In our experience delivering turnkey implementations, this approach should only take between 14 and 19 weeks to complete. Though, some can be done in as little as 8 weeks depending on the volume and complexity of the content being automated. Asset managers who go with a turnkey deployment do so because they want a fast turnaround and need to start reaping the benefits of automation right away. Turnkey models reduce the risk of long and expensive implementations that miss the goals for true automation and efficiency.
Meanwhile, DIY implementations have been shown to take anywhere from one to three years to implement. As mentioned above, a large contributor to the longer implementation time for a DIY solution is the team’s learning curve to master new technology and apply it to their production workflow. This is challenging for some asset management marketers because it almost always involves a complicated set of data-and-rules-driven publishing requirements. These skills don’t necessarily fall in the marketers’ realms. Unfortunately, time-to-market suffers as a result of the new skills and tasks required of the marketing team. When an implementation takes a year or more to complete, firms risk losing strategic advantage.
Lower Total Cost of Ownership (TCO)
A common issue around implementation is how asset managers calculate TCO. The concert venue is a fixed price, but the cost of power, equipment, instruments, and unforeseen hiccups aren’t included. Those hidden costs have to be calculated and factored into the total cost of implementation and ongoing maintenance. If a firm is still struggling after a year or more into implementation, the costs start to add up. In addition to licensing fees, the costs of converting to a new system should be considered.
For example, there is a cost associated with keeping the existing solution going while the new system is being set up, including the cost to convert to new design templates. One mid-sized asset manager we worked with was using an agency to produce their factsheets in InDesign. The firm continued to pay the agency while they set up a PowerPoint-based solution that required re-designing every template in PowerPoint and re-mapping the data. The PowerPoint solution took them about 18 months to implement. This must be factored into the TCO, along with the internal labor costs of hiring more people to implement the new solution. According to a Forrester Economic Study, one asset manager using a DIY solution required an average of “six internal FTEs from Salesforce.com specialists, marketers, project managers, developers, and sales teams to fully integrate and launch the solution in its environment.”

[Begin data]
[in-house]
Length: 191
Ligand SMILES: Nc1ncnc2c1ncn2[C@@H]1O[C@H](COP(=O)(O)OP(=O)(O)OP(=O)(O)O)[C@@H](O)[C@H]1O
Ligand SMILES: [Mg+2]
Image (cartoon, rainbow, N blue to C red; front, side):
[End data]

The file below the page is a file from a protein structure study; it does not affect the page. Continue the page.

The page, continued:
The TCO of a turnkey solution is almost always less than a DIY solution. This is simply because it can be implemented much more quickly and without any additional internal resources. So, while the vendor performs the implementation, the marketing team can focus on strategically driving the business forward.
Turnkey solutions generally yield a much quicker ROI due to the shorter duration and lower total cost of ownership. In our whitepaper, How to Illustrate ROI on Content Automation, we show how to calculate direct and indirect (hidden) costs to arrive at the total enterprise costs for a firm’s current process. In most cases, firms greatly underestimate the true cost of their status quo, which makes it difficult to prove ROI. A thorough analysis should be done to evaluate the TCO of each automation solution, including the true cost of implementation.
Turnkey Implementations Minimize Risk
When making a business case for an automation solution, asset managers should consider the risk involved in the implementation requirements. Firms must make sure the solution they choose will support their business case. Some examples are implementation timelines and budget, projected ROI, and TCO targets. Professional turnkey implementations are more risk-averse. Turnkey deployments can be completed sooner, more thoroughly, and will cost less over time. This is especially true if a firm has complex data, documents, and distribution scenarios. If that is the case, the turnkey model may be more strategic. It sets firms up to be served by an experienced vendor in implementing and servicing complex solutions.
Think of the Turnkey model as the solution with the professional roadies, trained for a successful setup. Firms put on their best performance with tailored and finely tuned tools in place.